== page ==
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the system as an unprivileged user, use the su command to obtain superuser status, and kill whatever process is hanging the system. You can then resume normal operation.
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For a multiuser system, the most important control scripts reside in the /etc/rc2.d and / etc/rc3.d directories, which are responsible for enabling multiuser services and NFS network resource sharing, respectively. A basic script for starting up a Web server looks like this:
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#!/bin/sh # Sample webserver startup script # Should be placed in /etc/rc2.d/S99webserver case "$1" in 'start') echo "Starting webserver...\c" if [ -f /usr/local/sbin/webserver ]; then /usr/local/sbin/webserver start fi echo "" ;; 'stop') echo "Stopping webserver...\c" if [ -f /usr/local/sbin/webserver ]; then /usr/local/sbin/webserver stop fi echo "" ;; *) echo "Usage: /etc/rc2.d/S99webserver { start | stop }" ;; esac
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This file should be created by root (with the group sys) and placed in the file /etc/ rc2.d/S99webserver, and should have executable permissions:
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# chmod 0744 /etc/rc2.d/S99webserver # chgrp sys /etc/rc2.d/S99webserver
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This location of the file is a matter of preference. Many admins treat the Web server similar to an NFS server. In this regard the system run-level 3 represents a share state. Note that because a Web server is a shared service, you could also start it from a script in /etc/rc3.d. When called with the argument start (represented in the script by $1), the script prints a status message that the Web server daemon is starting, and proceeds to execute the command if the Web server binary exists. The script can also act as a kill script, because it has a provision to be called with a stop argument. Of course,
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a more complete script would provide more elaborate status information if the Web server binary did not exist, and may further process any output from the Web server by using a pipe (e.g., mailing error messages to the superuser). One of the advantages of the flexible boot system is that you can execute these scripts to start and stop specific daemons without changing the init state. For example, if you were going to update a web site and needed to switch off the Web server for a few minutes, the command
# /etc/rc2.d/S99webserver stop
would halt the Web server process, but would not force the system back into a singleuser state. You could restart the Web server after all content was uploaded by typing the following command:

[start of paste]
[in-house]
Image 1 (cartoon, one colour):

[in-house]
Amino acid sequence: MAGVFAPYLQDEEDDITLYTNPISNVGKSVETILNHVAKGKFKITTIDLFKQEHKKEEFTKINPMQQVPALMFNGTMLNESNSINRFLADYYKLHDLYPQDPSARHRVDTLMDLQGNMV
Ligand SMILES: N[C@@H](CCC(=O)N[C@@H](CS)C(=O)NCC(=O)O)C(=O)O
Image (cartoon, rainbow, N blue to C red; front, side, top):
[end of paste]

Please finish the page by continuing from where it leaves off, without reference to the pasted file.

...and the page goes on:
# /etc/rc2.d/S99webserver start
In order to conform to System V standards, it is actually more appropriate to create all the run control scripts in the /etc/init.d directory and create symbolic links back to the appropriate rc2.d and rc3.d directories. This means that all scripts executed by init through different run levels are centrally located and can be easily maintained. With the Web server example, you could create a file in /etc/init.d with a descriptive filename:
# vi /etc/init.d/webserver
After adding the appropriate contents, you could save the file and create the appropriate symbolic link by using the symbolic link command ln:
# ln -s /etc/init.d/webserver /etc/rc2.d/S99webserver
Using this convention, kill and startup scripts for each service can literally coexist in the same script, with the capability to process a start argument for startup scripts, and a stop argument for kill scripts. In this example, you would also need to create a symbolic link to /etc/init.d/webserver for K99webserver.
Writing Kill Scripts
Under System V, kill scripts follow the same convention as startup scripts, in that a stop argument is passed to the script to indicate that a kill rather than a startup is required, in which a start argument would be passed. A common approach to killing off processes is to find them by name in the process list. The following script kills the asynchronous PPP daemon, which is the link manager for the asynchronous data link protocol. This daemon is started by using aspppd thus, the script generates a process list, which is piped through a grep to identify any entries containing aspppd, and the process number is extracted using awk. This value is assigned to a variable ($procid),
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